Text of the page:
Old ghosts of Halloween Past
Published: Tuesday, October 26, 2010
Updated: Friday, May 17, 2013 12:05
Halloween – the third-most anticipated day for children, the young at heart and the people who should probably stay away from children.
It is a day about getting cavities, going to parties and trying not to get poisoned, but it is also a day to look back on memories from Halloweens passed. Halloween is a reminder of how good childhood was and how adulthood may or may not be living up to your expectations.
Whenever Halloween comes around, I think about the time I dressed up as one of the "101 Dalmatians" in kindergarten. My mother took my brother and I to a carnival at my elementary school, and some woman mistook me for a cow without udders. That woman was an idiot. Yeah, I was a cow that had a horrible accident and had my udders removed. Great costume for a 4 year old, isn't it?
I also think about Halloween in fifth grade, when I dressed up as Harry Potter. I sprayed my hair black, wore fake glasses and had my mom draw a lightning bolt on my head with a lipstick pen. Students made fun of me, but I did not care. I was Harry Potter for a day.
Now, about a decade later, I hate to think about Oct. 31. It is the one day of the year that I want to run out and tell trick-or-treaters, "Hey, everything gets much worse from here. Do not actually believe that you are going to one day be a superhero or a wizard. You are just you and it will be so disappointing," but I tend to think most parents would frown upon that.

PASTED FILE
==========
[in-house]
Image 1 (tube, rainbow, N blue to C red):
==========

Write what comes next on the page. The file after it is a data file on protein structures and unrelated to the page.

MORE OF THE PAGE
Of course, I could be the only kid who wore the costumes of the people that I one day thought I could be. Maybe others just wore things that they found cool. I would like to think that if I was a child today, I wouldn't actually have believed that I could be a Na'vi when I grew up, but, of course, I was very stupid as a child (still am very stupid), so maybe I would have thought I could move to the planet of Pandora after college too.
For this article, I looked up a little quote that Alan Moore used in the graphic novel "Watchmen." The quote, written by Eleanor Farjeon, says, "On Halloween the old ghosts come about us, and they speak to some, to others they are dumb." Halloween has turned into the day on which I reflect on the stupidity of my childhood and feel even worse than I usually feel (I am such a happy person, in case you couldn't tell). Only the dumb old ghosts come to me.
For this year, I am dressing up as a no-name, so-called critic. My costume will come naturally to me. It will be whatever mismatched things I have in my closet and normally wear. This year, I am really not putting any effort into Halloween. I do not care anymore about the day. It is just a day to hang out with friends and see if anything remotely scary is on TV or playing at the theatre.
Maybe I am just being a pessimist. For my entire third year of life, I ran around wearing a Batman costume. Maybe I could still be him. I mean, I would only have to be instantly orphaned and adopted by a rich family. Then I would inherit everything. That would work. Of course, my costume also consisted of a pair of black female underwear (Again, as a 3-year-old kid…I was not 12 and wearing them) over a pair of grey tights (again, 3 years old). Maybe that means I will be a transvestite instead.
Matthew Munden may be reached at firstname.lastname@example.org.